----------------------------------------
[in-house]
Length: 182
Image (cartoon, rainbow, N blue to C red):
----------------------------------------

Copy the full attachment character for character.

[in-house]
Length: 182
Image (cartoon, rainbow, N blue to C red):